Critter Pierce is the costume designer of the TNT network show The Librarians, which first aired in 2014.
We chatted recently in a Portland coffee house––
Pierce’s enthusiasm for her craft is magnetic. Having navigated herself across the television and film industry for the past 15 years, she has a lot to be proud of. She laughs when I compliment her, and tells me about The Librarians recent wrap on Season 2. “The first season, we were just getting to know all of the characters, and developing them, and in the second season, I was able to dive deeper and create more dimension within the characters. It was a really collaborative and rewarding season for the cast and crew.”
Growing up in Miami, Fla., Pierce taught herself to sew at an early age. She created outfits for her dolls, and experimented on an old sewing machine that had been gifted to her mother as a wedding present. Later, she would sew dresses for her high school formals––going to a college prep school ensured that there were many. “There weren’t very many liberal arts classes offered, but there was Home-Ec––we of course had to learn to cook and sew.”
It wasn’t until a co-worker suggested that she try out costume design that she made the decision to enroll in the theater department at the University of Florida. “You would think that fashion design and costume design go hand-in-hand, but they don’t. Costume design, for me, is an entirely different thing.”
As Critter fidgets with the bangles on her arms and takes another sip of coffee, I listen to her explain her design process, and how she dives into the characters she develops. She not only looks at what clothing says about a person, but how that clothing embodies their personality and nature. Critter pauses for a moment, after I ask about her favorite part of the design process, and then breaks into a wide grin. “I am especially interested in how a person wears their clothes, and how they are worn in. Like a hat that you can tell is worn everyday, as well as how it is worn. If you look closely you can tell where it is taken on and off, because of the oil spot left from the fingers. I like to pay attention to the sweat rings that may be on the brim, and the grime that might be built up—the aging of clothing, or aging in general.” She looks around and points out a wall in the distance, and the patina built up from years of wear and tear.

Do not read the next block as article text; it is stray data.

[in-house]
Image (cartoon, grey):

Her attention to detail is remarkable. I can feel my own perspective on clothing changing almost instantaneously. All the sudden, I, too, notice the faded fedora, and not just for what it is, or who is wearing it, but the details of its wear. I look at what Critter is wearing. The colors are bright; her skirt is bouncy and her jewelry bold. I ask her about her personal style, and she doesn’t hesitate to say, “I try not to take anything too seriously, and to be really playful with my clothing. I really like things that make noise so that I can hear my own movement. Like, if I have buckles on my shoes and they are a little loose, and you can hear them jingle with every step, I love that.”
The safety pin in her ear and her pink nail polish juxtapose old-school punk with girly tradition. I look down at my nails and I have the sudden urge to chip the polish, and cut my hair. Critter’s unabashed style has me wondering if I have been suppressing my true self these past 10 years. After a few more minutes discussing Portland fashion, and watching passers-by, we say our goodbyes.
A week later, I pick up the photos I took at our meeting. Upon glancing at the negatives, I again grow nostalgic. I realize that this feeling, this je ne sais quoi moment, is due to Critter. Completely unassuming and transparently passionate, she pours life into everyday fashion, and creates costumes that tell a story.
I put down the photos, put on my headphones and blast the Ramones.